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Myeloma-Related Kidney Disease

by Navin Jaipaul, MD, MHS

Patients with multiple myeloma overproduce monoclonal Ig light chains (Bence Jones proteins); these light chains are filtered by glomeruli, are nephrotoxic, and can damage virtually all areas of the kidney parenchyma. Diagnosis is by urine tests (sulfosalicylic acid test or protein electrophoresis) or renal biopsy. Treatment focuses on the multiple myeloma and ensuring adequate urine flow.

Tubulointerstitial (see Tubulointerstitial Nephritis) and glomerular damage are the most common types of renal damage. The mechanisms by which light chains damage nephrons directly are unknown. Hypercalcemia contributes to renal insufficiency by decreasing renal blood flow.

Tubulointerstitial disease

Light chains saturate the reabsorptive capacity of the proximal tubule, reach the distal nephron, and combine with filtered proteins and Tamm-Horsfall mucoprotein (secreted by cells of the thick ascending limb of Henle) to form obstructive casts. The term myeloma kidney or myeloma cast nephropathy generally refers to renal insufficiency caused by the tubulointerstitial damage that results. Factors that predispose to cast formation include the following:

  • Low urine flow

  • Radiocontrast agents

  • Hyperuricemia

  • NSAIDs

  • Elevation of luminal NaCl concentration (eg, due to a loop diuretic)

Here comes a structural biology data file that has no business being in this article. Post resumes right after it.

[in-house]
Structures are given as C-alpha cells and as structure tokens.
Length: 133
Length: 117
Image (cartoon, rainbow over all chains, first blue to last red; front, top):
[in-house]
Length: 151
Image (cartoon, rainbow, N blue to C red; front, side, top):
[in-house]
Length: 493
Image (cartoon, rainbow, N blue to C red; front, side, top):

• Increased intratubular Ca from the hypercalcemia that often occurs secondary to bone lysis in multiple myeloma

Other types of tubulointerstitial lesions that occur with Bence Jones proteinuria include proximal tubular transport dysfunction causing Fanconi syndrome and light chain interstitial deposition with inflammatory infiltrates and active tubular damage.


Myeloma glomerulopathy has 2 common mechanisms: primary (AL) amyloidosis (see also AL amyloidosis) and glomerular light chain or rarely heavy chain deposition. AL amyloidosis results in glomerular deposition of AL amyloid in the mesangial, subepithelial, or subendothelial areas or a combination. Amyloid deposition is with randomly oriented, nonbranching fibrils composed of the variable regions of λ light chains. Light chain deposition disease (LCDD), which also can occur with lymphoma and Waldenström macroglobulinemia, is glomerular deposition of nonpolymerized light chains (ie, without fibrils), generally the constant regions of κ chains.

Rarely, a nonproliferative, noninflammatory glomerulopathy that causes nephrotic-range proteinuria can develop in advanced myeloma-related renal disease. A proliferative glomerulonephritis occasionally develops as an early form of LCDD with progression to membranoproliferative glomerulonephritis and nodular glomerulopathy reminiscent of diabetic nephropathy; nephrotic-range proteinuria is common.

Symptoms and Signs

Symptoms and signs are predominantly those of the myeloma (eg, skeletal pain, pathologic fractures, diffuse osteoporosis) and a normochromic-normocytic anemia.


  • Urine sulfosalicylic acid test or urine protein electrophoresis (myeloma kidney)